• Safer operations.
• Continuous quality monitoring and improvement.
• Enabling more efficient production processes.
What makes ‘Industrial’ Machine Learning (IML) different?
IML platforms provide software-based modelling for equipment or processes using advanced pattern recognition (APR). It makes use of historical and real-time data to predict what is going to happen next. The system continuously monitors behaviour in real time and compares current conditions to historical patterns to identify anomalies and drift.
Should an anomaly be detected, the system will raise an alarm, notification or alert to the appropriate users. It also offers advanced analysis capabilities for problem identification and root cause analysis. Figure 1 shows where a ‘current’ value started deviating from the ‘predicted’ value, identifying an anomaly well in advance of the equipment failure.
Most mainstream platforms that offer ML (i.e., Microsoft Azure, Amazon Web Services, IBM, etc.) provide flexible and configurable capabilities for a wide range of sectors. Although these tools are extremely powerful, they are typically utilised by data scientists who understand how to categorise the various data streams, can perform the pre-processing or ‘cleaning’ of data and know how to select the right mathematical algorithms and parameters for effective modelling. Although these tools are powerful, most companies do not employ data scientists and definitely not on the plant floor.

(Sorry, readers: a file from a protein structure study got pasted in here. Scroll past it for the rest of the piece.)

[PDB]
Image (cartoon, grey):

In comparison, IML platforms available today are purpose-built tools designed to be used by process engineers and managers who have the relevant plant and domain knowledge, but not the grounding in data science.
The following table highlights some of the key differences between these two types of platforms.